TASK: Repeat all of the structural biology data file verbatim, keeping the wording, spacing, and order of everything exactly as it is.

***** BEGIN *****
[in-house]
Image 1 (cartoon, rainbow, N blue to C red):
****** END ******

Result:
[in-house]
Image 1 (cartoon, rainbow, N blue to C red):